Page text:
I sometimes wonder if I haven’t bitten off more than I can chew by resurrecting this thing I started when I was 12, updating it and adding to it and expanding it. The world of Rocket Fox has gone from a single species of fox like humanoids on a planet over 50 thousand light years from Earth, to a planet with three individual and unique species (still 50 thousand light years from Earth). Now there’s the Vulpine (fox like humanoids), the Felanus (lesser cat like humanoids), and the Procylon (raccoon like humanoids). All of them stand no taller than 4 feet, but they are all of varying degrees of intelligence, have their own skills, their own cultures (which, admittedly, mirror Earth’s because I only have Earth as a reference), sports and religion and science. I’m half way through the first part of this series, but I’m contemplating doing some more world building before I go on. Even drawing up uniform designs, clothing designs, culture of different races and so on. After all, the Vulpine will vary in their cultures, there are different races of Vulpine, Felanus and Procylon. Foxes themselves have different species within the genus and species; the common red fox, the arctic fox, the swift fox, the kit fox, and the fennec fox. There will be examples of each in the story. Same with lesser cats; ocelots, caracals, cervals, lynx, sand cats, and even cheetahs and cougars (though, due to size, I’m considering leaving cougars out of the mix, while making a cheetah like humanoid slightly taller than most Vulpine, Felanus and Procylon). For the most part, my research of the raccoon has shown there aren’t many different breeds such as lesser cats and foxes. As far as lesser cats go, I’ll just be dealing with wild varieties of lesser cats, not domesticated cats, which are also lesser cats.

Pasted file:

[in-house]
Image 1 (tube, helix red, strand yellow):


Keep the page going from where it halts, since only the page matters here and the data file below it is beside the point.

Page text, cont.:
One might ask “where did this entire idea come about of using different species of foxes and lesser cats”. That’s easy. I’ve always had an interest in space exploration and science fiction, and some ideas I’ve gotten in the past came from covers of supermarket tabloids. Like the time I was 11 and saw a cover story about scientists believing that dinosaurs very likely would have evolved. That’s how this entire idea came about. But it went further than that. Earth, for example, has thousands of species on it, including humans. What if, somewhere in the galaxy, on another habitable planet, the evolutionary chain affected another species. Not primate like, but something else. What if it was wolves, or tigers, or lions who were given the evolutionary advantages to become the dominant species on a planet. What if it was one of the smaller species, like foxes, lesser cats or raccoons. It sort of ballooned from there, and during my 12th year on this planet, the idea came about and I wrote stuff down. It sat in a box for almost 20 years, until I dug it out, dusted it off and decided to take another stab at it. But it has grown a great deal since I was 12. There’s a lot more that can be explored.
One of those ways of exploration of the society of Vulpinia Prime was given to me as a suggestion by a friend. She said instead of writing history as the story is told, have sections of that history in an appendix at the back of the book. Good idea, so I’ll do just that. From slang terms, to different species, to histories of the planet, and even some maps and pictures.
Oh, I’ve also been asked where I came up with the names for the three species. Vulpine comes from vulpes vulpes, the genus and species of the fox. Felanus comes from Felidae, which is the family of all lesser cats. It grows more complicated with each species, such as Ocelots being Felidae Leopardus L. pardalis, and lynx being Felidae Lynx lynx. The name for the raccoon like humanoids comes from the genus of raccoons, Procyon. I just added the ‘l’ in there on my own.
Star Trekking across the universe…